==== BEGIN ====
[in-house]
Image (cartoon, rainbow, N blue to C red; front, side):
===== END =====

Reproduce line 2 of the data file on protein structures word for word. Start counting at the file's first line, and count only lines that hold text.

Image (cartoon, rainbow, N blue to C red; front, side):